Questioning The Free Trade Mantra

Dec 12, 2016 1 Comment by

In the matter of Free Trade, as with any ideology, there are none so zealous as the newly converted. Thus developed countries, who didn’t get where they are today without the judicious application of a trade barrier or two, preach the merits of open economies to developing nations. Conveniently forgetting their history, the implication, supported by an overlaid media narrative, is that restraints on trade have never been justifiable.

Note though that Free Trade per se does not exist. If it did Canada would not need 300 trade negotiators [1] or the EU 550 and the US 500 [2]. Nor would ‘Modern trade agreements [be] incomprehensible to a person unfamiliar with them, written in a kind of legalistic code’ [2].If Free Trade is a thing at all, it is a direction of travel, rather than an arrangement that exists somewhere and can in due course be replicated everywhere.

But it is a dangerous direction of travel for three reasons. Firstly because Free Trade plays a role in the perpetuation and intensification of inequality; secondly for the way it prioritises specialisation and efficiency at the cost of much needed resilience; and thirdly because the free market cannot solve planetary-level crises.

Thus, working backwards from Armageddon, unless we reinsert a level of strategic economic guidance via (shock horror) planned economies we will be complicit in our own extinction; our journey to destruction will be punctuated by collapses of greater frequency and intensity as we become more and more efficient at doing the wrong things; and any small comforts – lingering interpersonal satisfactions – will become more difficult to enjoy against the backdrop of an irredeemably unfair society.

And, as we will see, the dysfunction of monetary and financial systems is an important underlying factor.


Pro market capitalism arguments are well known – a rising tide raises all boats, the transformational value-adding impact of the lionised entrepreneur and so on. It seems small minded to dismiss them all, but rather than having hit on the ‘special sauce’ that facilitates a sustainably progressive society, I think it is more likely that capitalism just happens to be the incumbent ideology during the golden period – the 100 years or so that we will eventually look back on as the ‘oil age’. Of course, our semi-castrated form of western market capitalism outperformed the bastardised form of socialism/ state capitalism of the USSR, but neither capitalism nor socialism has been properly implemented. So it’s best not to draw any ideological conclusions.

Whatever the historical truth concerning relative inequalities across the ages, it is clear that we have failed to share this one-time wealth harvest and its associated quality of life fairly. Furthermore this failure has become ever more evident – the world is a smaller place than it was. Inequalities are more visible and communicated about.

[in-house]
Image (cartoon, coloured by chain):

Worldwide, low paid workers depress each others pay levels, either by ‘getting on their bike’ (as Norman Tebbitt cheerily advised them to do in 1981) and migrating problematically to where the jobs are, or by contributing in situ to sweatshop economies producing cheap goods for export. Inequality increases as labour is more and more subservient to capital – a trend reinforced by the preferential allocation of capital to insiders, financiers and major corporates (at the expense of the productive economy, SMEs and the 99%). The results are over-financialised economies, corporate-controlled government policy and increasingly dispossessed and disconnected citizens.

Capitalist hawks see this trend as a natural development in driving costs down to the benefit of consumers, and rationalise it as part of a painful but necessary journey for developing countries. Were the effects of the resulting inter-cultural mashups not so disruptive, and the market externalities not so toxic, they might have had a point. As it is this acceleration into reductio ad absurdum capitalism will be likely fatal if left unchecked.


The economic attraction of comparative advantage remains a normative belief. Individuals, firms and nationals should specialise in what they are best at. The resulting division of labour results in the most efficient allocation of resources. In the process though, supply chains become longer, local economies are strip-mined their diversity and monocultures of all types become the norm. Nature does not select for efficiency – it selects for a mixture of efficiency and resilience, and monocultures are notoriously fragile. Economies have become dependent on the supply of stuff of life goods and services from potentially unreliable or otherwise deprecated sources in the pursuit of the free trade chimera. Add to this the doubtful viability of long supply chains post-fossil-fuel, and you have a strong case for the progressive relocalisation of production. It may not matter if the supply of Chinese plastic toys dry up, but having a degree of local strategic control over sources of food and energy would seem advisable.

Planned economies

It is worth considering the benefit of planned economies at the local and national (and indeed individual) level. At a national level, free-market thinking already incorporates the possibility of intervention, in the case of ‘market failure’. One accepted type of market failure concerns negative externalities- that is where non-participants in a market are significantly adversely affected. Typically, negative externalities – their existence, extent and cause – will be the subject of dispute because the market’s participants will not want intervention. Climate change denial is a good example of engineered controversy aimed at delaying intervention.